I like fishing this way because it makes decisions easy. I fish up through one section, then maybe I skip the next two sections and put in at the third because it matches my rig.

Honestly, one of the worst things you can do is to fish all the water ahead of you without adapting. For example, plowing ahead with light streamers in deep and heavy water, just because they worked in the tailout a half hour ago, is lazy. And it won’t work. It’s far better to jump to the next tailout and work that light pair of streamers, then move on to the next tailout, then the next and the next and . . .

Fish hard, friends.

** Donate ** If you enjoy this article, please consider a donation. Your support is what keeps this Troutbitten project funded. Scroll below to find the Donate Button. And thank you.

 

Enjoy the day
Domenick Swentosky
T R O U T B I T T E N
domenick@troutbitten.com

 

Share This Article . . .

Since 2014 and 700+ articles deep
Troutbitten is a free resource for all anglers.
Your support is greatly appreciated.

– Explore These Post Tags –

Domenick Swentosky

Central Pennsylvania

Hi. I’m a father of two young boys, a husband, author, fly fishing guide and a musician. I fish for wild brown trout in the cool limestone waters of Central Pennsylvania year round. This is my home, and I love it. Friends. Family. And the river.

More from this Category

Fifty Fly Fishing Tips: #43 — Two Ways to Recover Slack

Fifty Fly Fishing Tips: #43 — Two Ways to Recover Slack

Much of what we learn about fly fishing comes from instinct. Fishing, after all, is not that complicated. It does not take a special set of talents or years of study to figure most of this out for yourself. It just takes a tuned in, heads up approach out there on the water, and a good bit of want-to.

There are two ways to recover slack after the cast: stripping in line or lifting/moving the rod tip. Use both at the right times . . .

Fifty Fly Fishing Tips: #42 — Work into the Prime Spots

Fifty Fly Fishing Tips: #42 — Work into the Prime Spots

The trout were on. They started with nymphs, but as soon as the emerging tan caddis popped to the surface, a green summer morning turned into something special.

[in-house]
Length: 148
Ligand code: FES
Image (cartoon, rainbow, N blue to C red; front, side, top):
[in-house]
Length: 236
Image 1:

Steve was the first to switch to dry flies. Around 9:30 a.m. I leapfrogged his position again and stopped to visit for a moment. Steve spoke as I approached.

“Man, these are the days you dream about,” he said while casting.

Standing in the creek, not far off the bank, he glanced over his left shoulder in my direction, judging the length of his fly line against the back casting space I’d left him. And I continued wading closer to my friend in the ankle-deep water.

“You switched to dries?” I used the statement as a question . . .

Fifty Fly Fishing Tips: #41 — Face Upstream

Fifty Fly Fishing Tips: #41 — Face Upstream

I’m not sure why, but it seems to be part of an angler’s DNA to face the stream sideways. Some guy with a rod walks up to the creek, faces the opposite bank and watches the water flow from left to right. He casts up and across and drifts the fly / bait / lure until it’s down and across from his position. Everyone does it. Repeat ad infinitum and catch a fish once in a while. To catch more trout, face upstream.

Most of this applies to dead drifting things to a fish, which if you’re fishing for trout, is arguably the most effective and consistent way to put fish in the bag. Dries and nymphs (and often wet flies and streamers) are most useful when delivered upstream and allowed to drift along with the current, without much influence from the line and leader that carries it. The dead drift is the first and most basic lesson of Fly Fishing 101.

And the easiest way to get that dead drift happening is to face upstream . . .

Fifty Fly Fishing Tips: #40 — The Trout is Upstream of the Rise

Fifty Fly Fishing Tips: #40 — The Trout is Upstream of the Rise

Anglers love to talk about trout rise forms. There’s the subtle sip and the tail tip, the splashy swirl and the sideways swipe. Surely, all the various ways trout rise to the surface indicates something about what they’re actually feeding on. But regardless of the rise form, one primary rule (usually) applies: The trout is holding upstream of where you saw it rise.